What is Google Duplex? The 'Terrifying' Future of AI Voice Chats Is Here, And it May Change Phone Calls Forever

Google's new "Duplex" AI technology has started a debate. It was announced this week during the company's annual I/O developer conference, with the audience loudly applauding as the realistic AI-powered computer voice interacted smoothly with a human to book a haircut appointment. While advocates excitedly wait the demise of awkward phone calls, others warned that we are entering an ethical minefield.

By now, consumers are used to voice assistant technologies such as Siri and Cortana. It has been built into smart devices from some of the most popular technology brands in the world and they now sit cozily in millions of homes. But Duplex is something else entirely. Google is billing it as the next step in human-computer interaction, which can hold natural conversations and "carry out real world tasks over the phone" such as meeting and appointment booking.

"The system makes the conversational experience as natural as possible, allowing people to speak normally, like they would to another person, without having to adapt to a machine," explained Google's principal engineer Yaniv Leviathan and vice president of engineering Yossi Matias in a detailed blog post, which included samples of the new AI technology in action.

An attendee interacts with an illuminated panel at Google stand during the Mobile World Congress in Barcelona, Spain, March 1, 2017. REUTERS/Paul Hanna

The experts revealed that Google Duplex will be able to create natural chats thanks to new advances in "understanding, interacting, timing, and speaking." The team, saying it could address accessibility and language barriers, trained the technology using anonymized phone conversation data and said that it will begin testing it with the Google Assistant device this summer. It did not reveal exactly how the conversation data was obtained and stored.

Google said that Duplex "completes the majority of its tasks fully autonomously, without human involvement" and has an in-built self-monitoring capability. It even pauses, "umms" and "ahhs" like a real human would during a conversation. Unsurprisingly, memes and references to The Terminator movie franchise quickly spread across social media. But looking past the initial crowd excitement, technology commentators were alarmed.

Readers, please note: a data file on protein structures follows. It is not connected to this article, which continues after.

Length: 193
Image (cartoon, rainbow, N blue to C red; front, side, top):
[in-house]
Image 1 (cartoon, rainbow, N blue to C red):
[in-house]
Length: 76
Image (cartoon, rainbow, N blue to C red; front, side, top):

"I am genuinely bothered and disturbed at how morally wrong it is for the Google Assistant voice to act like a human and deceive other humans on the other line of a phone call," tweeted Cnet tech journalist Bridget Carey in a widely-shared thread. "In this age of disinformation, where people don't know what's fake news...how do you know what to believe if you can't even trust your ears with now Google Assistant calling businesses and posing as a human? That means any dialogue can be spoofed by a machine and you can't tell."

Technologist Chris Messina, who has worked on projects for Google and Uber, commented: "Google Duplex is the most incredible, terrifying thing out of #IO18 so far."

And Sriram Krishnan, a member of Twitter's product team, tweeted: "I'm blown away by the AI in the Google Duplex demo. Also, a little queasy on what this means for humans interacting with computers but knowing they are—and the social norms around that. For example, should AI identify itself as so first?" Online, others raised concerns over job safety and how the capability could be abused by robocall scammers, which remains a major problem in the U.S.

Google doesn't appear to have all the answers just yet, instead saying that it will be "experimenting with the right approach" over the coming months. "It's important to us that users and businesses have a good experience with this service, and transparency is a key part of that," said Leviathan and Matias. "We want to be clear about the intent of the call."

Google CEO Sundar Pichai
Google CEO Sundar Pichai speaks on stage during the annual Google I/O developers conference in Mountain View, California, May 8, 2018. REUTERS/ Stephen Lam